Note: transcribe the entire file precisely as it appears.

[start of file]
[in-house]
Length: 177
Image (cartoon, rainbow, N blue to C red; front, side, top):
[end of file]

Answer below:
[in-house]
Length: 177
Image (cartoon, rainbow, N blue to C red; front, side, top):